The BRCA1 gene and its association with breast cancer were discovered in 1990. We have learned much about it since. We know that mutations in the gene can be inherited. We know that BRCA1 has been linked to additional cancers, including ovarian, prostate, and pancreatic. We also know that the BRCA1 gene produces a tumor suppressor protein that plays an important role in DNA repair. But the dark mystery at the gene’s core—the molecular mechanism that triggers mutations and leads to cancer—has stumped researchers for a quarter of a century, until now.
In 2017, Yale scientists revealed the elusive mechanism a er purifying the BRCA1 protein in conjunction with an associated factor called BARD1. is breakthrough opens new possibilities for attacking cancers linked to mutations of BRCA1. The findings appeared in the October 2017 issue of the journal Nature.
“A lot of very good people have tried to purify the protein,” said the paper’s senior author, Patrick Sung, DPhil, Professor of Molecular Biophysics and Biochemistry. “I am proud to say that we are the first to succeed.”
They had to overcome considerable obstacles. e protein is fragile and prone to quick degradation, so the researchers had to work for many hours in a room being kept at four degrees Celsius. The protein is hard to express and tends to fold incorrectly, and it is unusually large, which makes it extremely challenging to purify, said Dr. Sung. A misstep at any point in this painstaking process renders the protein inactive and useless for research.
“You need a lot of training and experience to know what measures to take to preserve activity,” said Dr. Sung. “You have to be incredibly tenacious,” added Ryan B. Jensen, PhD, Associate Professor of erapeutic Radiology, a supporting author on the paper. Dr. Jensen would know—in 2010 he was the rst to purify the BRCA2 protein. Only a few laboratories in the world can successfully purify BRCA proteins, and two of them are at Yale—Drs. Sung and Jensen’s.
Dr. Sung has been tracking proteins related to DNA repair for more than 20 years, which is what led him to BRCA1. e gene’s precise role in the repair process was unknown. Purified BRCA1 protein allowed Dr. Sung and his colleagues to study its properties and run experiments that pinpointed its function in DNA repair.
They have found that the complex of BRCA1 and BARD1 binds and stimulates an enzyme called RAD51, known to be important in repairing double-strand breaks in DNA. (Dr. Sung rst described the function of RAD51 in 1994.) Dr. Sung’s team found that when mutations occur in the BRCA1-BARD1 complex, RAD51 is not activated and DNA repair falters, which can lead to mutations and cancer.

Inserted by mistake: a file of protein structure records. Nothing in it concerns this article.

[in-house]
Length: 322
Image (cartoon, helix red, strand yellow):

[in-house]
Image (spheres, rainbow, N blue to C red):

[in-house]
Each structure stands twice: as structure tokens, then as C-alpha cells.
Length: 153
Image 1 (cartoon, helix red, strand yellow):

“Now that we know that BRCA1 and BARD1 interact with RAD51, we can target that interface,” said Dr. Sung. “Before, we didn’t know what to target. at’s why basic science is so important. e next step would be to develop compounds that regulate the activity of the target, to enhance it or inactivate it.”
Many drugs are designed to kill cancer cells by damaging their DNA. Yet some cancer cells manage to repair their DNA and become resistant to chemotherapy and radiotherapy. Deciphering the mechanisms of DNA repair pathways is critical, explained Dr. Jensen, because such knowledge points the way to therapies that block those pathways and kill resistant cells.
Understanding the mechanisms within BRCA1 and BRCA2 also has predictive value. Right now, if a young woman is worried about her family’s history of breast or ovarian cancer, she can get a diagnostic test to see if she carries a BRCA mutation. Sometimes the result clearly indicates either low risk or high risk, but o en the test reports “variants of uncertain signi cance,” which leaves the woman in fear and limbo. Should she prophylactically remove her ovaries and breasts? Does she have time to have children rst? ese are anguishing decisions. ese new discoveries about BRCA1 and BRCA2 will make it possible to tell whether her mutation a ects DNA repair severely or only slightly, and hence what her risk is for cancer with regards to age.
“And it all comes from understanding how the proteins work,” said Dr. Jensen. “ at’s why what Patrick and I do, biochemistry, is really important—this tedious work of purifying proteins one at a time and guring out mechanistically what they do.”
Dr. Sung agrees. “I understand why the general public wants to see cures, but unless you understand the basic biology, you will never have a cure.”